GOULD Bach: Goldberg Variations (1955) - PAKM062

This album is included in the following sets:

GOULD Bach: Goldberg Variations (1955) - PAKM062

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Regular price €0.00 €14.00 Sale

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Overview

BACH Goldberg Variations

Recorded 10, 14 & 16 June, 1955, Columbia 30th Street Studios, New York
Total duration: 38:33

Glenn Gould, piano

This set contains the following albums:

One of the great recording of the 20th Century - Gould's Golberg Variations, XR remastered

" There is no doubt whatever in my mind that Gould is superior in every way"
- The Gramophone, 1958


REVIEW - UK LP ISSUE

With two piano versions and two harpsichord versions, competition is now equal, at least numerically. As A.R. left the matter, in his review of the Leonhardt performance, the better of the two harpsichord versions was Landowska’s. Of the two pianists, there is no doubt whatever in my mind that Gould is superior in every way. Some of his tempi may be fast, but his is a speed connected with urgency more than with show or brilliance. He carries a phrase through a gigantic upward or downward sweep, effortless, controlled, and clear as crystal. Those listeners who, unlike Count Kayserling, fall asleep rather than keep awake through this forty-five minute ritual, will have no difficulty in keeping their eyes and ears open when they play this new Philips recording.

Gould has some of the clearest keyboard counterpoint I have heard for a long time and (unlike Demus) is sparing in his use of the pedal. Compare, for instance, the two versions of Variation 11, or of 14. In both cases Gould is faster, but the odd thing is that he is also clearer. Demus produces a thick, rather muddy sound, makes too much of descending bass figures, and plods rather than plays. Sometimes I found it hard to believe that two corresponding variations were really the same music!

The Philips disc is helped by really splendid recording, with the piano tone full and sonorous, yet capable of the fine expressiveness required for Variations 21 and 25. This is a performance that I shall treasure, for it has the kind of architecture in tone which is often longed for but rarely found.

D.S., The Gramophone, January 1958
Review of Philips SBL.5211


Glenn Gould's legendary 1955 recording of the Goldberg Variations needs no introduction. From the very first it was recognised as a classic - not just in the review reproduced here, but two years earlier in Harold Schonberg's "Letter from America", in which he wrote a single line: "An interesting Columbia debut is that of Glenn Gould, a young Canadian pianist who played Bach's Goldberg Variations with some original ideas that never sound eccentric."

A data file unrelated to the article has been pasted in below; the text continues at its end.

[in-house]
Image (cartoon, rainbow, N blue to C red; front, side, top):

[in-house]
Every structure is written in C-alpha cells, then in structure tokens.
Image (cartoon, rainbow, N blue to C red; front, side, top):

On more than one occasion I've been asked whether it might be possible to excise Gould's extraneous noises, to which the answer is, in some cases, yes, in others, not yet... In this new XR remastering this was not the aim, though some have gone. Rather, my intention was to improve the sound of the piano. My hope was to find significant tonal improvements - an A-B comparison with the best existing transfers suggests this has been achieved, with the piano now appearing as a full, three-dimensional instrument where before it was rather flat and dull.

I resisted the temptation to pad out this release with extra material. This is the Gould Goldberg, and it's never sounded better.


Andrew Rose

  • BACH Goldberg Variations
    Recorded 10, 14 & 16 June, 1955, Columbia 30th Street Studios, New York
    First issued on Columbia ML 5060
    Producer and XR remastering engineer: Andrew Rose
    Cover artwork based on a photograph of Glenn Gould
    Total duration: 38:33

Glenn Gould, piano

MusicWeb International Review

It was in any case always good but here certainly sounds fuller in Ambient Stereo...

It would be otiose to attempt a detailed critical commentary on this iconic, landmark recording by the 22-year-old Glenn Gould. Most admirers will already own this, the alpha version, and also the omega of 1982, made just before his death at fifty. They are both essential listening to those who can tolerate Gould’s vocalise and interpretative eccentricities; those who cannot will already know to leave this alone.
 
Most previous issues from Sony and Naxos have either supplemented the Goldbergs with some complementary pieces such as fugues or a Partita, or have paired the two recordings. Pristine choose here to leave the Variations unadorned at a mere 38 and a half minutes, Gould having chosen the first time around to ignore repeats. That might seem unduly parsimonious or reverential to some collectors. However, sound engineer Andrew Rose has marginally reduced some of the extraneous noises and enhanced the depth of the original, mono piano sound. It was in any case always good but here certainly sounds fuller in Ambient Stereo.
 
Unfortunately, as a corollary to that process, the thuds and thumps of the original have become more pronounced. I am not sure that I do not prefer the slightly drier ambience of my 1992 20-bit re-mastering from Sony; indeed I have become so used to it that I fancy Gould’s conception is better served by the slightly more distanced, mono sound.
 
In short, if you already own this in a previous Sony incarnation, I wouldn’t rush to replace it with this from Pristine. Convert though I am to the Ambient Stereo re-mastering process, I do not think that on this occasion I would recommend this Pristine issue over the one from Sony.  
 
Ralph Moore
MusicWeb International, December 2013